The world of social media, new digital channels and a squeeze on traditional sell-side broker research is changing the discipline of "investor relations." We talk to a firm in the frontlines of this space.
Fund managers and individual investors trying to figure out the kind of information that firms disseminate about themselves have a new term to conjure with: Investor Relations 3.0.
The term, which refers to the way in which firms describe what they do, their earnings, strategy and capital-raising requirements, is at a third stage. In the first iteration, it was about putting out company statements and supporting presentation materials; IR 2.0 was an evolution, concentrating more on targeting specific investors.
And now IR 3.0 takes a holistic approach to IR and brings together both institutional and non-institutional investor networks, making best use of content, not just research content, and going into multiple channels and routes such as Linkedin, Google, Twitter and others through the smart use of digital marketing techniques.
That’s the view of Patrick Yau, managing director of investor relations at Edison Group, an investor research and advisory business.
“Investors typically need seven or eight touchpoints with a company before they make a decision to buy that company’s shares. Through IR 3.0 we use a blend of content and media to connect in a smart and more differentiated way to accelerate this path to purchase,” Yau told this news service in a recent interview. “This is an evolution of what we have been seeing in consumer marketing, for example.”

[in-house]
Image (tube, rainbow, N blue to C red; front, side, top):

In recent years, regulations such as the European Union’s MiFID II directive, squeezed traditional sell-side research, and forced companies with a need for capital to think of different ways to get their message across. Investors looking for research about companies also had to change how they operate. One of MiFID II’s features was a requirement for firms to unbundle research payments and make costs more transparent, with the aim of improving investors’ value for money. The net effect of this has been to make firms think twice about older ways of buying research, and the sell-side’s offerings have shrunk, according to reports.
Businesses such as Edison aim to fill the gap – and take research up to another level.
Edison has partnerships with stock exchanges worldwide such as Deutsche Boerse, the Tel Aviv Stock Exchange, the New Zealand Stock Exchange and the OTC in the US. It covers 450 stocks and its roster of blue-chip clients include HSBC, Newmont Corp. (the world’s largest gold miner), Manchester United, YouGov, Severfield and Britvic.
Edison focuses on the public listed sector rather than privately held firms.
Issuers pay for the data – this is the Edison revenue model which avoids biases and conflicts of interest, he said. “We do not take trading commissions or transaction fees, so have a very clear relationship with our client; we work entirely in their best interests. Our broad capital markets and investor relations experience across the company means we can offer the very best advice – and support this advice through a comprehensive range of capabilities, such as content, media distribution and broad access to investors,” Yau said.
“There is big demand out there,” he said.
Yau is convinced that modern digital technology should be embraced more fully to handle research and investor relations goals.
Brokers, research firms and IR specialists must intensify their
use of technology, web-based tools and platforms to ensure
companies can continue to access the capital they need for
growth, Yau said.